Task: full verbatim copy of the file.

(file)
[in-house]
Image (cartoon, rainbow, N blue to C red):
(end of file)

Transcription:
[in-house]
Image (cartoon, rainbow, N blue to C red):